By Segun Akande
THE beginning of the 21st century marked the start of a major transformation of the Nigerian telecommunication industry. In the year 2000, the industry experienced a great leap when the government of ex-President Olusegun Obasanjo issued an operating licence to Econet Wireless. The entire Nigerian citizenry had a major relief. Reaching out to loved ones, business partners over long distances was no more going to be an issue. Among other things, subscribers had hoped as well that over time, the very expensive tariff was going to tilt southwards, data services were going to be cheaply accessible, banking operations and services to customers were going to be seamless. As envisioned, it happened exactly! In fact, expectations were exceeded!
In no time, after Econet Wireless, Mobile Telecommunication Networks, MTN, Globacom Nigeria and Etisalat got their licences too. The Nigeria Telecommunications, NITEL, also rolled out a GSM arm called MNet (now defunct). This altogether put the subscribers at advantage. The competition between these telecommunication companies, telcos, has been stiff since then, with prices dropping on all products and services. However, all we have benefited in ease of life, we have unfortunately lost largely to poor health!
Between the year 2000 and now, the Nigerian topography has been littered with not less than 50,000 on-air Base Transceiver Stations, BTS. This means over 50,000 diesel-powered electricity generators (called DGs in telecommunications parlance) continuously release carbon monoxide into the air space around us. A sense of the degree of damage this causes could be made in thinking of the 150 deaths per 100,000 people attributable to air pollution in Nigeria.
According to the Health Effects Institute, HEI, in a 2018 report on annual State of the Global Air Report, SGAR, air quality in Nigeria is among the deadliest in the world, causing very high death rates. Extreme air pollution sources like generator fumes and vehicle emissions were identified as largely responsible. Nigerians are aware of the dangers these telecommunication sites pose but uncertain of our resolve to end it. It was a case to be likened to a willingness to exchange a few years of our collective living for ease of communication. Until recently, there were no alternative means of powering the active equipment at these BTS sites, no thanks to the unreliable power supply from our national grid.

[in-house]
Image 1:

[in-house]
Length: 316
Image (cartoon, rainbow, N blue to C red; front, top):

The disturbing noise of continuously working generators is another major environmental pollutant. Though the maximum healthy noise level is 60dB of sound, but generators at BTS sites often sound louder. With the majority of these generators running over 20,000 hours unchanged, the noise levels often exceed 90dB, even more as run hours increase. Today, however, the narrative has changed tremendously, with even bigger promises of lesser air pollution and consequently, ridiculously cheap voice and data services provided by these telcos. It is interesting to know that a search by the telcos for cheaper ways of running a business has not only become environmentally-benefiting but also economically advantageous to the subscribers.